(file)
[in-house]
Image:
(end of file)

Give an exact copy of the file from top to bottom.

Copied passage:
[in-house]
Image: